Now, I can reckon, and you don't need a Ph.D. to figure it out, that the companies that are Six Sigma and exporting part of their operations, and/or using suppliers more frequently than in the past from some of the newer trading countries, I'll just bet that all the smaller companies in these new trading partner countries there, if not most of the larger ones as well, are not six sigma trained. What do you want to bet? So, is Six Sigma out the door, or are they going to train all these people in it? How much will that directly cost?

The theory, so we've been told, is that it will make products cheaper to purchase. And indeed it has. less expensive and a lot lower quality. But, let us presume that the quality gets better as time goes on, just as the quality of stuff made in Japan in the 50's was a lot less than it is today, and the prices stays low.  Everything is much less expensive because labor is much cheaper overseas. Much! People overseas can make  for a weeks' or sometimes a months' worth of work, (and usually not five, 8 hour days), what the same US worker gets a day. There is a reason for that of course.

Not every company can outsource successfully. They may all think they can, but here are some examples of outsourcing done poorly.  Communications is a key problem for the companies that do it wrong. Let us take SBC/Yahoo® for an example.

We have SBC/Yahoo® DSL as our ISP, (Internet Service Provider). So I went and purchased a router and set-up my LAN. Everything was going fine. Then all of a sudden, my email stopped working with Microsoft® Outlook® Express. When I ran the program from SBC/Yahoo® to trouble shoot the problem, it crashed. Ok, time to call 'tech support'

SBC/Yahoo's call center is located in India. No problem with that, the people were very courteous, but not very knowledgably about the mechanics of the internet and email servers. As with all call centers, no matter where they are located, the first people you talk to just have a check list with solutions to the most common problems. A script as I like to call t hem. I don't know about you, but I NEVER have a common problem.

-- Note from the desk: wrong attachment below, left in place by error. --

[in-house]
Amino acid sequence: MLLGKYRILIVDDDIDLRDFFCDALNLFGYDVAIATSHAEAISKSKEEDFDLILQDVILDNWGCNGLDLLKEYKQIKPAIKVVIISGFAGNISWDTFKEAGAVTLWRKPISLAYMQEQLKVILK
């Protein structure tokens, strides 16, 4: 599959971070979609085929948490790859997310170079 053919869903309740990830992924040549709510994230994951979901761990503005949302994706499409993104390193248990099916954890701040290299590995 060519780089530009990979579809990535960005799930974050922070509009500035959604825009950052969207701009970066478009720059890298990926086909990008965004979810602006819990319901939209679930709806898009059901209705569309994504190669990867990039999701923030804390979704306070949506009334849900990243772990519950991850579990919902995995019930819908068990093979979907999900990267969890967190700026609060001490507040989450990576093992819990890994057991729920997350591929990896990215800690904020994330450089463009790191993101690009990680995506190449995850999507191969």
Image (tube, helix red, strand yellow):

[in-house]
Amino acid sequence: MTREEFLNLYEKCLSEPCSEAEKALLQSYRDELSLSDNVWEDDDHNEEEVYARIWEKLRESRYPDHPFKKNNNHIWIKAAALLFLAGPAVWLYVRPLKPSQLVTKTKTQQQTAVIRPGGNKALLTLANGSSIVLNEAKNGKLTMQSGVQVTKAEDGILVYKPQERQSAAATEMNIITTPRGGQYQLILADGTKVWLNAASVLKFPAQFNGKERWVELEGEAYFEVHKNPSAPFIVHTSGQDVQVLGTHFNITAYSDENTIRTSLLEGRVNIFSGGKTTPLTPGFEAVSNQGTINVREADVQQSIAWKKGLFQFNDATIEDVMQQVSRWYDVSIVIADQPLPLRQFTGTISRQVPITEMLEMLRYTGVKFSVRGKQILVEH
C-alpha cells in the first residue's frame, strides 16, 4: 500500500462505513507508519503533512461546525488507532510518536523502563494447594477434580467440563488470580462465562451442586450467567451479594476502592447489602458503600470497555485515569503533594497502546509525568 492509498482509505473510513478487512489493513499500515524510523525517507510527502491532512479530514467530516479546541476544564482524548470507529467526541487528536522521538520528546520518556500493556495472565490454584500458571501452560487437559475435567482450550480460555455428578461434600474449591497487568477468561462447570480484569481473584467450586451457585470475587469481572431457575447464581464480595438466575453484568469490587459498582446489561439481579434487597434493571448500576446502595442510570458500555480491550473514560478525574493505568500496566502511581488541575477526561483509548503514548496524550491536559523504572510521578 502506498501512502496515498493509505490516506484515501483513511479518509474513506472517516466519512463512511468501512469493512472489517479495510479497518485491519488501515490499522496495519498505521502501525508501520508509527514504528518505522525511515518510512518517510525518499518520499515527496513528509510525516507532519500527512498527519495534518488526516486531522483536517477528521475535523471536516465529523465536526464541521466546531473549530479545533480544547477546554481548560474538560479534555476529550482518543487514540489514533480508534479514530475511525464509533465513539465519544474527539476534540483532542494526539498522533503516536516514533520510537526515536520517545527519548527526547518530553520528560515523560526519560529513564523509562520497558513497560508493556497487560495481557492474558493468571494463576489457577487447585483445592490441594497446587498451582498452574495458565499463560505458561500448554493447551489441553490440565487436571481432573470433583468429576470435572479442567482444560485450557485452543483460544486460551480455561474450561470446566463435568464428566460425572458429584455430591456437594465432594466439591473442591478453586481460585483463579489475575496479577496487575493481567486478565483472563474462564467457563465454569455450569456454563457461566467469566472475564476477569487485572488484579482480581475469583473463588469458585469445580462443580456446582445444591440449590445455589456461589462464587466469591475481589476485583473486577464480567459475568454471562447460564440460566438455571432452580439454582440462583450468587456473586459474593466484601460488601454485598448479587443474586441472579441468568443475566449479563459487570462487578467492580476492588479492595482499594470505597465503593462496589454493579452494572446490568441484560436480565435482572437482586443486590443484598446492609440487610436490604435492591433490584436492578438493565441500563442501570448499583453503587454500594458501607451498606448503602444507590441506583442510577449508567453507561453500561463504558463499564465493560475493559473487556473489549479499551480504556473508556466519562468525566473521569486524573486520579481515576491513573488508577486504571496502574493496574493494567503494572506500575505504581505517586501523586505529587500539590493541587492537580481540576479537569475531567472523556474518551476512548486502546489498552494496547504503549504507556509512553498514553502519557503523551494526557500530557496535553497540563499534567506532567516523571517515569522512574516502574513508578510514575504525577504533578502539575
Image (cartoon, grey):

After the person insisted that I do through a variety of system changes, that I kept insisting wasn't going to fix the problem, I finally asked to talk to a supervisor. They agreed, went to get one and came back and said the supervisor was busy with someone else and could I wait. I said all right. This was the first sign that something was wrong.

After about 15 minutes, the same person came back on the line, (not the supervisor), and said that I had to 'opt out of port 25 filter'. So they cave me instructions on how to do that. You had to fill put a form online. So I did, and when I pressed the submit button, after a few seconds the screen went blank, and the information was never sent. I tried for 8 hours to opt out of port 25 to no avail.

So I called again. After 5 minutes of explaining to the new support person what had transpired thus far, They gave me the direct email address the for was sending to and told me just to send them email. But they were busy and it would take a day or so. After 2 days, and Outlook still not working, I started playing around with Outlook and trying various things.

After a while I found that there is a second place to put a username and password. I had to put my SBC/Yahoo account name and password in to be able to what is called mail relaying.

It doesn't matter if you are implementing Six Sigma some form of ISO or QSM, if you cannot communicate what is going on to your outsourcing partners, you are not going to make it work and have any customers left when you finish.


Motorola® and Six Sigma are Registered Trademarks of Motorola Inc.
Other products and company names mentioned herein may be the trademarks of their respective owners.

Copyright © 2005 Six Sigma SPC / Jim Winings All Rights Reserved
Privacy Statement - Disclaimer - Copyright - Site Map

Last Updated: Sunday, 11-Jun-06 07:19:08 PDT